Australia’s sultanas and raisins would still enter Britain duty-free. Even with redue tion, California would not be able to compete with Australia because of the enormous increase in the cost of production. Turkey, through inflation, was also in an unfavorable position. In Canada, California would be a serious rival, but Australia would still be able to laird her fruit duty-free and should retain the bulk of the market.
Mr. P. R. Wilkins, federal secretary of the Associated Chambers of Commerce and the Australian Council of Employers Federations, discussed the agreement in these terms -
It is a matter of satisfaction that the concessions granted on Empire preferences do not involve abandonment of the essential structure of the preference system.
The reduction of tariff barriers negotiated at Geneva is a practical implementation of the United Nations Charter which will develop into full trade collaboration.
Mr. H. E. Tancred, a prominent operative in the meat industry, had this to say-
The reduction in the meat tariff by the United States furnished Australia with an opportunity to revolutionize its meat industry to the national advantage as well as the benefit of many phases of that industry.
Mr. T. F. Plunkett, M.L.A., chairman of the Australian Dairy Produce Board, said -
Arrangement under the Geneva world pact to admit butter to the United States is a notable achievement. Could well make a material contribution to the continued stability of Australia’s dairying industry.
Mr. H. F. McLennan, chairman of the Victorian Meat Provisional Council, stated -
America’s offer of a 50 per cent. reduction in Australia’s meat imports opened up great possibilities for the future, and meat producers were assured of a wide market even when Britain’s supplies were satisfied.
In the opinion of the Government, this agreement constitutes the greatest measure of co-operation in trade matters, by all the important trading countries in the world outsideRussia, that the world has ever known. The Government is satisfied that, as a consequence of it, not only will Australia benefit in a large measure, but also a significant contribution will have been made to the solution of the larger economic issues which to-day confront the great countries of the world.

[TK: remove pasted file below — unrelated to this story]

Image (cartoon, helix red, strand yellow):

Question resolved in the affirmative.
Motion (by Mr. Dedman) agreed to -
That Orders of the Day No. 2 and No. 3, Government Business, be postponed until after consideration of Order of the Day No. 4.
Customs Tariff Amendment (No. 3)
In Committee of Ways and Means: Consideration resumed from the 18th November, 1947 (vide page 2174, volume 194), on motion by Mr. Pollard -
That the schedule to the Customs Tariff 1933-1939 … be further amended . . . (vide page 1 of appendix following page 3284, volume 195.)
– In order to implement the concessions resulting from the negotiations at Geneva, action under one or more of the following headings has been found necessary: -
Of these, Customs Tariff Proposals No. 3, Customs Tariff (Canadian Preference) Proposals No. 2 and Customs Tariff (New Zealand Preference) Proposals No. 2 have been introduced, and each item affected by those proposals will be open to debate, during which I shall indicate what changes have occurred in respect of any particular item, and the country with which negotiations took place. I shall also give any other pertinent information which honorable members may seek.
In respect of the proclamations covering the application of the intermediate tariff, primage duty alterations and the applications under the British preferential tariff to Malta on the item covering gloves, such proclamations will not directly come under the notice of honorable members during the progress of the Customs Tariff Proposals through the chamber. However, the comparative memorandum which has been circulated to honorable members contains details of all the alterations which have taken place as a result of the Geneva negotiations, and should honorable members desire to deal with any of the items which will not be coming up for discussion under Customs Tariff Proposals No. 3, I suggest that such questions be raised when the general debate is taking place on the first item in Customs Tariff Proposals No. 3, that is, item 3 (a). I shall endeavour at that time to give such information as is practicable in reply to any questions asked.